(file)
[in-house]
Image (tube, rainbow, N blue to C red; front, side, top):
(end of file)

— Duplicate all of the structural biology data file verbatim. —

[in-house]
Image (tube, rainbow, N blue to C red; front, side, top):